[5] Married to Augustin de Ferriol d’Argental, a president à mortier of the tribunal of Metz and younger brother of Charles Comte de Ferriol d’Argental, French Ambassador to the Ottoman Sultan. Charles de Ferriol was the lover of Charlottee Aïssé, whom he had bought as a slave, educated and brought back to France where her relationship with Ferriol inspired the Abbé Prévost’s Histoire d’une Grecque moderne, and three works entitled La Circassienne, by Alexandre de Lavergne (1854), Louis Bouilhet (1872) and Dejoux (1898). Her correspondence with Mme de Tencin, Mme de Villars and Mme de Lafayette, was published for the first time in 1805, and then republished in 1846 with a commentary by J. Ravenel, while many of these letters were also included in Lettres de Mlle Aïssé, with an introduction by Voltaire (1787).

[6] In his entertaining and candid memoirs, Dubois, while professing himself ridiculous to be so in love at his age, described Mme de Tencin as having “been the sustenance of certain honest folk who were capable of supporting the regime of a pretty woman… the conduct of Mme de Tencin is a flint which breaks the teeth of calumny. Methinks that in her eyes there is something of eternal beatitude. Those eyes, which have made me commit so many follies, are not those of a Raphael virgin; they have malice as lively as words; they say all they wish – it is saying much – and voluptuousness is tempered in them with sense. Her figure is elegant, tall, and withal, slightly stooping, the result, she says, of her original vocation as a nun, when she was more often than not on her knees; her face is round, with a little clear-cut nose, cheeks of the deepest crimson, teeth of pearl, in a mouth somewhat largely moulded, but always half opened in an appetising smile. She is reproached with having a neck too long, but it is so supple that it is perfectly graceful. I could extend my description from the known to the unknown, but I am too much the Archbishop to reveal what should be hidden, and gauze is a mundane invention not tolerated by the canons of the Church.  Richelieu, who is a good judge on such matters, has said, without flattery, that Madame de Tencin has the gift of pleasing four persons, an archbishop, a banker, a duke, and a Prince of the Blood. … As for qualities of heart and mind, there are none lacking to this lady; she excels in maintaining herself in becoming position at Court; she asks for nothing, everything is accorded her…. Madame de Tencin is much attached to me and me to her…. One day I will make a will in her favour; for my idiot of a brother would not know how to spend an income of a hundred thousand livresMemoirs of Cardinal Dubois, translated from the French by Ernest Dowson, London, 1899, 2 Vols, Vol 2, pp. 200-202.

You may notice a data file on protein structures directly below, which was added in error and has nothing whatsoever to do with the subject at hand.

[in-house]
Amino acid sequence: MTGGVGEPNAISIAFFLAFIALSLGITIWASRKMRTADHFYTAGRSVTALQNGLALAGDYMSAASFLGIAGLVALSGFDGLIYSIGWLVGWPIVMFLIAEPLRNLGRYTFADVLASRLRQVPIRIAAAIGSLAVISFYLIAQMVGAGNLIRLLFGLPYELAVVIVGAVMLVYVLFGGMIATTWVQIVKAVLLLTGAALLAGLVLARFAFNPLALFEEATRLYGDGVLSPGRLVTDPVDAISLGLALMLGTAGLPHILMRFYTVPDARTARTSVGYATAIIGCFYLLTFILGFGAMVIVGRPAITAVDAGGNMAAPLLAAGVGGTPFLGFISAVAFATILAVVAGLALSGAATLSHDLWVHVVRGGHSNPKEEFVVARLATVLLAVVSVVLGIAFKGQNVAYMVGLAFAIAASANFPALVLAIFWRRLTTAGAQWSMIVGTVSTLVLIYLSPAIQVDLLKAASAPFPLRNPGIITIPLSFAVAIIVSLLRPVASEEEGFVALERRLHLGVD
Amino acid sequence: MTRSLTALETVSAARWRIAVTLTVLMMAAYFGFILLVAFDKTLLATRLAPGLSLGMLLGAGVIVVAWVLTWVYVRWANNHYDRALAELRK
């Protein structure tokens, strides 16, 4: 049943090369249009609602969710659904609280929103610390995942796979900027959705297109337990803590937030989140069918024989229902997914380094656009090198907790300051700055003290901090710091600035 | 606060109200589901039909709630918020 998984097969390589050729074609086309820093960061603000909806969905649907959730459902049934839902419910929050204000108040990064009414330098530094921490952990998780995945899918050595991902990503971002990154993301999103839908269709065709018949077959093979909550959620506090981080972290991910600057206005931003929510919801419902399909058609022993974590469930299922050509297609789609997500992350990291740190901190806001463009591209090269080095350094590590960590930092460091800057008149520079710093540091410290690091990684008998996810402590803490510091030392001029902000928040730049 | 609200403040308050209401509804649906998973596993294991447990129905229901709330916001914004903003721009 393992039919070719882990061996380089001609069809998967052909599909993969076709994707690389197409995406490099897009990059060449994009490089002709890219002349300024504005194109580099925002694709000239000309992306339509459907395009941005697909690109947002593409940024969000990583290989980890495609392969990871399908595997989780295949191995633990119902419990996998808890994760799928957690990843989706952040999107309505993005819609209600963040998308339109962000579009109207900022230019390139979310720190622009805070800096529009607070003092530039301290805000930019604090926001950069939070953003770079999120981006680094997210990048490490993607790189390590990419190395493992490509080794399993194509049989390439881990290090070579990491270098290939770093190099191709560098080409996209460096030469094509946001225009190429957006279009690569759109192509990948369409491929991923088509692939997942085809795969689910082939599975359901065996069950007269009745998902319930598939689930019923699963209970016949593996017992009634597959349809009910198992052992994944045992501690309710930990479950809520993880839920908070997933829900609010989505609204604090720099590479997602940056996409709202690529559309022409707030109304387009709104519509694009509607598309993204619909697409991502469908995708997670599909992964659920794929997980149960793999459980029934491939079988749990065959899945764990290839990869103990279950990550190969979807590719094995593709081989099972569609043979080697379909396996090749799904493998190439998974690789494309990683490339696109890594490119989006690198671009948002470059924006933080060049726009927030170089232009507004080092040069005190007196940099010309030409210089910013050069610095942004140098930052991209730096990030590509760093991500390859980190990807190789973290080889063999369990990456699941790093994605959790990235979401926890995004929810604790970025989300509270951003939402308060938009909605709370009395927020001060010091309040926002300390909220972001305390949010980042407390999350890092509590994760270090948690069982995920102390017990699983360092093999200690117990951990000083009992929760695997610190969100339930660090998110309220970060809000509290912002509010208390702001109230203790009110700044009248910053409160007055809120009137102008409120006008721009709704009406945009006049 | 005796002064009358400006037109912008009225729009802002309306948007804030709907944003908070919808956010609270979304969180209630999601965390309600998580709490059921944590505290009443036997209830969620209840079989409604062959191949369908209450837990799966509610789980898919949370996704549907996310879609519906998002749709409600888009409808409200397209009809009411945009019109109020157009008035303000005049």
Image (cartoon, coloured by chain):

[7] Described by Cardinal Dubois, as a “libertine, capable or guilty of disgraceful acts; and if they would believe me, they would send him to Italy, where he need not be at pains to mend his ways.” Memoirs of Cardinal Dubois, p. 201.

[8] With whom she opened the short-lived but immensely profitable Financière Tencin-Hénault, along with her older brothers François, president of the parlement of Grenoble, and Pierre. After some successful but possibly fraudulent speculations, it was liquidated, having made a vast fortune for the partners shortly before the collapse of the Law banking edifice.

[9] Who tried to seduce her with the offer of millions, but whom she nonetheless resisted, while accepting his financial advice.

[10] She is sometimes referred to erroneously as the Marquise de Tencin, a title to which she would have had no right and made no claim.

[11] This house was later the home of the renowned actress, Mlle Mars (1779-1847) and the artist Théodore Chassériau established his studio there.

[12] She abandoned the unfortunate boy on the steps of the chapel of Saint-Jean-le-Rond, attached to the north tower of the Cathedral of Notre Dame, when he was but a few days old. In accordance with contemporary practice the chapel gave this brilliant mathematician and philosopher his name. Fortunately his father (who died when the boy was nine) took an interest in him and secretly paid for Jean’s education, placing him with a nurse, Mme Rousseau with whom he lived for much of his life.

[13] She died “en philosophie”, that is without the sacrament of confession and absolution, yet was buried in consecrated ground.

[14] Astruc was the author of the first major medical work on syphilis and venereal diseases.

[15] The slightly brighter colours of the edge suggest that it remained covered for some years, early in the painting’s life.

[16] See the engraving after this drawing, Pierrette Jean-Richard, L’Oeuvre gravé de François Boucher, Editions des Musées Nationaux, Paris, 1978, no, 1204.